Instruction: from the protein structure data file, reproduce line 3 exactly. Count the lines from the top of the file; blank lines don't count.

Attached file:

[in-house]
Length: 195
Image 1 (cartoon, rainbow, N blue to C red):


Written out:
Image 1 (cartoon, rainbow, N blue to C red):